Trump Taj Mahal to close 26 years after Trump opened it

This is the fifth Atlantic City casino to close since 2014, including Trump Plaza.

The Trump Taj Mahal has closed its doors.

The closing of the hotel and casino followed a failed attempt to reach a deal with union workers over health care and pensions.

The strike began on 1 July 2016, after the casino workers' union, Unite-HERE Local 54, was unable to reach an agreement with Icahn that would restore the health and pension benefits workers lost during the bankruptcy proceedings.

Earlier this year, Icahn had said he planned to invest up to $100 million in the Taj Mahal, but said "obviously it would not be judicious to proceed with those investments" ahead of the referendum, which was scheduled for November 8.

Trump Taj Mahal, one of three Atlantic City casinos Donald Trump owned when his company suffered huge losses and filed for bankruptcy, has officially closed. The negotiation's failure now brings the number of casino employees having lost their jobs to 11,000 over the past two and a half years or so.

Trump recently told the Associated Press that there was "no reason" for the property to close and that the warring factions "should have been able to make a deal". As the New York Times reported in 1990: "To succeed, the Taj needs record-breaking revenues-variously estimated at $1 million to $1.3 million a day - to meet its overhead and the roughly $100 million annual service on its $725 million in debt".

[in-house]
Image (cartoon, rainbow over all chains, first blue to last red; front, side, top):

Yet that option is exactly what the union's president, Bob McDevitt, and many striking workers suspect might happen. "It's hard to believe they weren't able to make a deal".

He compared the feeling of employees to a Popeye moment, stating: "That's all I can stands, I can't stands no more'". McDevitt applauds their actions as for the first time in 30 years, workers stood up to Icahn and made him throw in the towel.

The casino opened to much fanfare in 1990, but ultimately fell into bankruptcy under the ownership of the Republican presidential nominee.

"There was no expense spared in the development of the Trump Taj and it showed", Karmel said.

"Today is a sad day for Atlantic City", he said Monday.

Atlantic City, renowned for its casinos, has only seven of those left now. Icahn said it was a "sad day" and that like numerous Taj's former staffers, "I wish things had turned out differently". If you would like to discuss another topic, look for a relevant article.

  • Zachary Reyes